Immunosenescence in HIV infection

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  • Additional Information
    • Contributors:
      Rowland-Jones, Sarah
    • Publication Information:
      University of Oxford, 2016.
    • Publication Date:
    • Collection:
      University of Oxford
    • Abstract:
      Immunosenescence is the progressive loss of immune tissue that result from (i) functional, (ii) clonal or (iii) systemic changes to the cells or tissue that make up the immune system. While this process occurs gradually during the ageing process, there is overwhelming evidence to implicate HIV infection in driving all three aspects of immunosenescence by inducing high levels of immune activation. In the current literature, there is a dearth of data on the impact of HIV-2 infection or untreated perinatal HIV-1 infection in driving immunosenescence, and the key goal of this thesis is to mend this gap in knowledge. Both HIV-2 and paediatric HIV-1 infection provide excellent settings for verifying the mechanistic theories that relate to HIV-1-associated immunosenescence. The majority of HIV-2 infected individuals control their infection, which raises the question of how HIV-2 controllers are able to generate robust T-cell responses, when equivalent responses are rare in HIV-1 infected cohorts. Our hypothesis is that the former is an outcome of sustained or more robust homeostasis due to lower immune activation levels. Altogether, we show that primary immune resources are better preserved in HIV-2 than in HIV-1 infection - including more substantial HPC and naïve T-cell populations that correlate well with thymic output. The preservation of primary immune responses during HIV-2 infection is expected to contribute to robust effector functions and a younger phenotype of virus-specific memory T-cells. Accordingly, we show that HIV-2 specific memory T-cells reflect an earlier differentiated phenotype than HIV-1 specific T-cells, are highly polyfunctional and exhibit strong virus suppressive capabilities. In perinatally HIV-1 infected children - who by virtue of their age represent slow progressors - the presence of a hyperactive thymus may be sufficient to compensate against the early onset of immunosenescence and result in younger immune cell phenotypes. Yet, in measuring leucocyte telomere length and mtDNA content by qPCR, which qualify as biomarkers of senescence, we observed that leucocytes from vertically-infected Zimbabwean children present with shortened telomeres and an increase in mtDNA content, which signals the onset of advanced cellular senescence.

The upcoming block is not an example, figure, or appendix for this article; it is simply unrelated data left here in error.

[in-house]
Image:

• Accession Number:
  • Citations
    • ABNT:
      GLENN, W. C. L. Immunosenescence in HIV infection. [s. l.], 2016. Disponível em: Acesso em: 7 jul. 2020.
    • AMA:
      Glenn WCL. Immunosenescence in HIV infection. 2016. Accessed July 7, 2020.
    • AMA11:
      Glenn WCL. Immunosenescence in HIV infection. Published online 2016. Accessed July 7, 2020.
    • APA:
      Glenn, W. C. L. (2016). Immunosenescence in HIV infection.
    • Chicago/Turabian: Author-Date:
      Glenn, Wong Choon Lim. 2016. “Immunosenescence in HIV Infection.”
    • Harvard:
      Glenn, W. C. L. (2016) ‘Immunosenescence in HIV infection’. Available at: (Accessed: 7 July 2020).
    • Harvard: Australian:
      Glenn, WCL 2016, ‘Immunosenescence in HIV infection’, viewed 7 July 2020, .
    • MLA:
      Glenn, Wong Choon Lim. Immunosenescence in HIV Infection. 2016. EBSCOhost,
    • Chicago/Turabian: Humanities:
      Glenn, Wong Choon Lim. “Immunosenescence in HIV Infection,” 2016.
    • Vancouver/ICMJE:
      Glenn WCL. Immunosenescence in HIV infection. 2016 [cited 2020 Jul 7]; Available from: